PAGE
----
Friday, June 14, 2024

Dissolving Your Union

Very rarely do people get married with the expressed intention to seek a divorce further down the line. Yet, that seems to happen to quite a number of couples. Divorce isn’t a new phenomenon. It’s been around for almost as long as the institute of marriage has. Regardless of the reasons for a divorce, there are steps you need to take before you’re able to change your status to ‘single’ again.


Getting married seemed like it was all about dressing up, eating and dancing. It wasn’t. You entered a legal, binding agreement at that altar. Now you’ll need a different type of legal, binding agreement intended to dissolve the first one. Most people think the divorce decree is the only legal agreement you need to divorce. Not true. The Marital Settlement Agreement Tampa comes before your divorce decree.

In the process of getting a divorce, you’ll first meet with your attorney or mediator to discuss why you’re seeking the dissolution of your union. You’ll make a list of your marital assets and decide how, in a perfect world, you’d like to divide those assets. If you have children with your spouse, you and your legal representatives will also talk about how you’d like to share custody and how much child support is appropriate. These are all provisions that will end up in the marital settlement agreement – eventually.

Talking It Out

Don’t rush ahead to sign just yet, though. You’ve discussed with your legal counsel what you’d like to see in your settlement agreement. Now it’s time to listen to your soon-to-be-ex-spouse to discover what they want. This is where it gets tricky. It’s not as though your relationship was in a great place already and now you’re stuck attempting to be civil to one another while you divide the stuff you accumulated while you were together. Try to put it in perspective. Go in with the idea that while you’d like to have those things, you know what you’re willing to give up to get to the end goal of starting over.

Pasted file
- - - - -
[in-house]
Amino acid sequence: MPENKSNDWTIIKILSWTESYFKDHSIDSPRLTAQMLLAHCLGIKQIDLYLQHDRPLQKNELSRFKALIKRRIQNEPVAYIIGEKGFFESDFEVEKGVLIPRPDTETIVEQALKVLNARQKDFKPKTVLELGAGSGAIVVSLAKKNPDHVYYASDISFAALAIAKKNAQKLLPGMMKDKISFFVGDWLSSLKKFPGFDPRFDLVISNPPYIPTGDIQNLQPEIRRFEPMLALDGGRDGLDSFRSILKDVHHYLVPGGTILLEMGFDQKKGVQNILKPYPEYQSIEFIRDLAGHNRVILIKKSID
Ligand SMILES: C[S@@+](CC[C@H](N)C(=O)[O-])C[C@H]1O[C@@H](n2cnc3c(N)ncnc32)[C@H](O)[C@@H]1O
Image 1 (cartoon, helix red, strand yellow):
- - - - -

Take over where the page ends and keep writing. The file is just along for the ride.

Focus on what really matters. If you have children, ensuring they’re taken care of the way they deserve is of the utmost importance. Many parents who enter divorce proceedings voluntarily put aside their differences to make things easier on their children. If your spouse is an unhealthy or unsafe person for whom your children to be around, speak up about that early in your conversations with your legal team.

If you seek a divorce, try to focus on what’s really important to ease your way.

Patch Sagan
the authorPatch Sagan